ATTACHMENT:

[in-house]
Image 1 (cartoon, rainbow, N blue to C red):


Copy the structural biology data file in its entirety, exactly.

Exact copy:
[in-house]
Image 1 (cartoon, rainbow, N blue to C red):